Teasing the Korean

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  1. Tristano with accordion. The mind reels...
  2. Any love for Lou Rawls?

    Well, I just checked, and we have 7 Lou Rawls LPs in the jazz/pop vocals section and 4 more LPs in the Now Sound section, for a total of at least 11. (There could be others in the massive to-be-cleaned and to-be-filed sections.). The LPs span from Lou's first Capitol LP to the Philadelphia International album with "You'll Never Find." Oh, make that 12, because we have his Christmas album, which includes the worst-ever version of "Have Yourself a Merry Little Christmas." I like the Capitol album in the Now Sound section where he is wearing the black leather suit.
  3. Any love for Lou Rawls?

    You guys are probably all way too young to remember the 1990s, but back then, when everyone was unloading their vinyl, I found most of Lou Rawls' early- to mid-60s Capitol LPs, most of them in MONO. Been ages since I've spun them, but I've never unloaded them either.
  4. Porgy and Bess, So Many Jazz Adaptations

    I think I'm with you here, but I would be tempted to suffer through a nice print of the film, as a cultural exercise if nothing else.
  5. Jazz with Wordless Vocals - Choruses or Single Voice

    Ah, memories of finding jazz and EZ LPs for a buck or two in the 1990s. I can't even remember the last time I spun this. I must revisit, and will play this weekend.
  6. Tony Scott

    Interesting, because one of the reasons I love THEE DEFINITIVE VERSION of "Riff's Blues" from Mike Hammer is the lowerer-register playing, along with the quieter attack. The bass clarinet in particular is an under-appreciated instrument.
  7. Porgy and Bess, So Many Jazz Adaptations

    And that means?
  8. Porgy and Bess, So Many Jazz Adaptations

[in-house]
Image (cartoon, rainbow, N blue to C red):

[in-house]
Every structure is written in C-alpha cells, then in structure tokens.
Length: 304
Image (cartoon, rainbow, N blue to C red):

I heartily disagree.
  9. Porgy and Bess, So Many Jazz Adaptations

    That would be my assumption. I would also guess that Ella and Louis came in second. I believe I have six versions: Miles & Gil Ella & Louie Mundell Lowe Oscar Peterson Robert Farnon Robert Russell Bennnet. The only one that I deliberately sought out was Miles and Gil. The others I stumbled across for short dough in the 1990s. The Robert Russell Bennet never gets played, because of the banjo. TTK's pad is a banjo-free zone. I've never seen nor heard the opera, but I've heard several of the songs, of course, by pop and jazz singers.
  10. Jazz with Wordless Vocals - Choruses or Single Voice

    Never heard that version. I know the version on Soul Burst.
  11. Porgy and Bess, So Many Jazz Adaptations

    I have bigger hopes for humanity than how they feel about Rhapsody in Blue.
  12. Porgy and Bess, So Many Jazz Adaptations

    My impetus for starting this thread was to contrast the excitement the film generated when it was in production - many of those albums date from around the time of the film's release - with the film's practical disappearance. (Yes, there is that grainy, blurry YouTube clip.) That and the fact that many of us have known these songs - through Miles and Gil, if no one else - yet haven't seen the film. I realize that the opera itself is resurrected occasionally. As for Gershwin vs. other GAS songwriters, I have always felt that his reputation was a little inflated because of his "serious" works. At the same time, I can't imagine the 20th century without Rhapsody in Blue. It is the sound of New York. It is my understanding that Ferde Grofe did a lot of the heavy lifting on the "serious" stuff, I tend to like Rodgers, Kern, Arlen, and Cole Porter more than Gershwin, but actually, I have more of an issue with Ira's lyrics. I think you will find more dated references in his lyrics than those of Porter or Hart. Still, one of my favorite rhymes of all time is "Oh give me that free 'n' easy/Waltz that is Vienese-y." As to George Gershwin's motivations for writing what he did, whatever. In the US, the GAS is at the center of a lot of people's musical universe, for better or worse. Ces't la vie.
  13. Tony Scott

    My Dad had this LP. It was arguably the first jazz album, or the first "jazz" album, I ever heard. In the 1980s, I co-hosted a radio show, and I used "Riff Blues" as the background music for a recurring segment called "Helpful Hi-Fi Hints,"
  14. Tony Scott

    This album includes THEE DEFINITIVE version of "Riff Blues" from Mike Hammer, featuring Tony Scott.
  15. Porgy and Bess, So Many Jazz Adaptations

    It is. We tried to watch it last night, but it was too grainy and blurry to enjoy. We liked it enough to give it another shot if a better print comes along.